When Noel Gallagher’s High Flying Birds took the stage around 6:30 Friday to a sparsely populated park, I was a little concerned. While that might mean you could easily get a great view of the stage, but it’s not goingto represent our city well to the performers. But as it turns out, it might have just been early on a work day, because by the time the Flaming Lips took the stage later that night with their elaborate stage show, the crowd had filled in, and it began to feel like Promowest Fest had found it’s footing. Here was Wayne Coyne and company, entering to “Race for the Prize” and immediately dumping what felt like a hundred multicolored balloons on the audience. Their lasers and high production, while well worn on the festival circuit, made this event feel like one worthy of the grand scale of such an event. Maybe this could be Columbus’ premier festival after all.

While the weekend saw a host of national and local acts perform across it’s two main stages, and after shows at A&R Bar, Sunday held the most packed schedule of all. From the alt country stylings of Austin Plaine and aggressively Canadian punk sounds of Pup on, there really wasn’t any act you could afford to miss. For my money, Garbage might have done the best festival style set of the weekend, coming out and hitting the crowd with multiple hits in the form of “Stupid Girl” and “#1 Crush” before playing new single “Empty” from their new album Strange Little Birds. They grabbed the audience’s attention quickly with the familiar so they’d have patience for the new stuff and really made the most of their one-hour slot.

Perhaps the biggest surprise of the day for me, but not for the legions of their fans in attendance, was Brand New. I’m a relative neophyte to the band, having recently spent some quality time with The Devil and God Are Raging Inside Me, and was well aware of their dedicated following, but my goodness. The area in front of the Pepsi stage swelled to perhaps it’s biggest size since the Flaming Lips set on Friday as fans sang along with the band. And when I say sang along, I mean they sang every last word to every single song. With their lack of radio play, that’s saying something in 2016. Soon enough, local favorites J Roddy Walston and the Business would take the Columbus Makes Art stage by storm with their high energy show and old time rock n roll vibes. But it was during the weekend’s final performance of the weekend by Modest Mouse, when the Pepsi Stage crowd seemed to finally engulf the entire field in McFerson, that it felt like Promowest Fest finally had come into it’s own.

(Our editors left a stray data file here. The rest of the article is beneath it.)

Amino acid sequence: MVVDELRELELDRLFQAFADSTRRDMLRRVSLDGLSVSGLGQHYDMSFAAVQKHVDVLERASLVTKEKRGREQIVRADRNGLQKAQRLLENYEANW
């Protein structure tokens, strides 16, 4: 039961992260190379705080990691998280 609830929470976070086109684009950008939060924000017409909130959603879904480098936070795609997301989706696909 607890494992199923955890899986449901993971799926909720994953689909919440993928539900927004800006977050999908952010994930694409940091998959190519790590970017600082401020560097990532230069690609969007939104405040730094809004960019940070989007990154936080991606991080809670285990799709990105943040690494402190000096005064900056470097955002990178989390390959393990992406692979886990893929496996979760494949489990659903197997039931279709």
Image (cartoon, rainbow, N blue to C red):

I think it helped that this was a relatively new setting for outdoor music. It wasn’t the parking lot of the LC, er…Express Live, and it was more than another installment of CD1025’s Summerfest. This was it’s own living, breathing entity, right here in our backyard. I had a pretty great time attending Promowest Fest, but what was even more exciting to me was the sheer possibility of what this could mean in the future. What a little bit of success could mean in terms of the line-ups and headliners we’ll see play our city in the future, without the road trips to Chicago, or even Louisville or Cincinnati. That each summer we might sit in the grass of McFerson, cool drinks in our hands and the Columbus skyline nearby and sing along to some of our favorite acts is a thought that warms my heart.






So the first day of the inaugural Promowest Fest is in the books. We’ll do a full recap of festival thoughts and highlights after the weekend is over, but for now, just a few quick thoughts. Ryan Adams and Noel Gallagher’s High Flying Birds would have been one of my “can’t miss”shows of the summer on it’s own, and seeing them at the festival last night did not disappoint. Singing along to Oasis tunes as the sun hung low in the summer sky is one of those moments festivals wish they could advertise, put in on a postcard and say: “this is why you want to be here.” McFerson Commons is proving to be a pretty hospitable environment for the festival, lots of soft grass underneath your feet and keeping things cool. And it was just overall comfortable last night, getting a good spot to watch bands wasn’t an issue at all.

Ryan Adams had my heard before he even took the stage with his backdrop of vintage arcade games, cats and the T-800 skull from the Terminator adorning the stage. He played a set heavy with cuts off his latest self-titled album, as well as the hits you’d expect of a festival set, including “New York, New York” and “Come Pick Me Up.” He even improved a song about apartment dwellers from the condos overlooking McFerson Commons all coming down to listen to tunes and party, and um, cotton candy? I guess you had to be there. And while I’ve never been a big fan of The Flaming Lips, their show last night surpassed expectations right out the gate as they created a sheer spectacle in McFerson. Huge multi-colored balloons, confetti, laser lights, and a wookie were on display throughout the performance. You’d have to try to not have fun during their set. As it turned to night time in Columbus, the lights of glow sticks emanated from the crowd, lasers flickered from the stage, and a huge “Fuck Yeah Columbus” balloon floated across the stage. Yeah, I think I could get used to the idea of fest like this in downtown Columbus. Welcome, Promowest Fest.



Fitz and the Tantrums performing Friday night. Photos by Rachael Barbash